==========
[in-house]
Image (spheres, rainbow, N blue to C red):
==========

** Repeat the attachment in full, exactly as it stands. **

[in-house]
Image (spheres, rainbow, N blue to C red):